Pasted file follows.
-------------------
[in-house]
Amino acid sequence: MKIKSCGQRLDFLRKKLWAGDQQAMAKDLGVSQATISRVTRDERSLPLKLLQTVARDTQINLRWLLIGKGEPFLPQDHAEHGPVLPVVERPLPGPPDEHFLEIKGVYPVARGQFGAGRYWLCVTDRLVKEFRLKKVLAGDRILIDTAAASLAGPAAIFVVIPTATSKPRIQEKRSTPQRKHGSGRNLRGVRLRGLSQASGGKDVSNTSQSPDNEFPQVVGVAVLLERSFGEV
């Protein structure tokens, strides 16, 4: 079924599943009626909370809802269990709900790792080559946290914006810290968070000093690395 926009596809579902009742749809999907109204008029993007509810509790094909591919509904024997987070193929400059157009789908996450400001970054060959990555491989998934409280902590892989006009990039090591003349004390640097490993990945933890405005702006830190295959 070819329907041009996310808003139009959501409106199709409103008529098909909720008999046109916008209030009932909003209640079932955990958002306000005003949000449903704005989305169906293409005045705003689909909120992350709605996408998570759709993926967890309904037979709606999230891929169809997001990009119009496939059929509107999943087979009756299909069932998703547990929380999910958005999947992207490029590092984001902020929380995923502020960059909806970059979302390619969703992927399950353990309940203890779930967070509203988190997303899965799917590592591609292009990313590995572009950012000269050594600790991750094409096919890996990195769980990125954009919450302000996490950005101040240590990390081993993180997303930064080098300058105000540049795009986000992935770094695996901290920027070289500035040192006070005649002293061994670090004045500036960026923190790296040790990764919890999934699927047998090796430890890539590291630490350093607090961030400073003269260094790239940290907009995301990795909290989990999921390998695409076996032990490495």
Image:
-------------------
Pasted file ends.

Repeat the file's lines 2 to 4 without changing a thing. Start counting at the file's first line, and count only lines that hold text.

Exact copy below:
Amino acid sequence: MKIKSCGQRLDFLRKKLWAGDQQAMAKDLGVSQATISRVTRDERSLPLKLLQTVARDTQINLRWLLIGKGEPFLPQDHAEHGPVLPVVERPLPGPPDEHFLEIKGVYPVARGQFGAGRYWLCVTDRLVKEFRLKKVLAGDRILIDTAAASLAGPAAIFVVIPTATSKPRIQEKRSTPQRKHGSGRNLRGVRLRGLSQASGGKDVSNTSQSPDNEFPQVVGVAVLLERSFGEV
């Protein structure tokens, strides 16, 4: 079924599943009626909370809802269990709900790792080559946290914006810290968070000093690395 926009596809579902009742749809999907109204008029993007509810509790094909591919509904024997987070193929400059157009789908996450400001970054060959990555491989998934409280902590892989006009990039090591003349004390640097490993990945933890405005702006830190295959 070819329907041009996310808003139009959501409106199709409103008529098909909720008999046109916008209030009932909003209640079932955990958002306000005003949000449903704005989305169906293409005045705003689909909120992350709605996408998570759709993926967890309904037979709606999230891929169809997001990009119009496939059929509107999943087979009756299909069932998703547990929380999910958005999947992207490029590092984001902020929380995923502020960059909806970059979302390619969703992927399950353990309940203890779930967070509203988190997303899965799917590592591609292009990313590995572009950012000269050594600790991750094409096919890996990195769980990125954009919450302000996490950005101040240590990390081993993180997303930064080098300058105000540049795009986000992935770094695996901290920027070289500035040192006070005649002293061994670090004045500036960026923190790296040790990764919890999934699927047998090796430890890539590291630490350093607090961030400073003269260094790239940290907009995301990795909290989990999921390998695409076996032990490495």
Image: